For years, HR sad sack Toby has been a thorn in the side of The Office manger Michael Scott, not allowing him to have fun because the "fun" is usually mildly sexist, or racist, or both. Well, the Season 4 finale saw Dunder-Mifflin bid a fond (on Michael's part, anyway) farewell to Toby as he left for Costa Rica, and a lukewarm welcome to his beautiful and goofy replacement, Holly. In anticipation of the September 25th premiere of the new season, writer/producer Paul Lieberstein ("Toby") and Academy Award nominee Amy Ryan ("Holly") held a conference call where reporters got to ask them all of the questions we were dying to know about Season 5. The best parts are of the call are below, so enjoy! (That's what she said!)
HBO's The Girl is the first of two movies about one of cinema's most iconic filmmakers, Alfred Hitchcock, that are rolling out in the next month; the Anthony Hopkins-led Hitchcock opens in limited release over Thanksgiving weekend. Neither one is a straight-up biopic either, instead choosing to focus their attention on a relatively limited window in the Master of Suspense's career -- Hitchcock takes place during the production of Psycho, while The Girl unfolds within the roughly two-year window during which he made The Birds and Marnie. Both movies are also less concerned with how these particular movies came together than in exploring the psychology of the man who made them. And the picture they paint of the Master of Suspense isn't exactly flattering.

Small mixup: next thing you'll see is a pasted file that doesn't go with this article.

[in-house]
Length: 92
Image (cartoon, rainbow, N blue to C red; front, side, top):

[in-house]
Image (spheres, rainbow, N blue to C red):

When talking to Ed Helms (Andy Bernard) and Paul Lieberstein (Toby Flenderson, as well as Office writer and producer) on a media call earlier this week, everyone wanted to know how Andy of all people got the gig, if Andy could ever really be as good as Michael, if the writers are just using Helms' budding movie career to boost Office viewership... all fair(ish) questions, but pretty damn brutal. True professionals, Helms and Lieberstein just wanted to be clear that they're excited for the future of the show, but they managed to throw in a few fun lines about writing in a post-Steve Carell series. They were the highlights of the phoner, along with a few of the choice quotes below.
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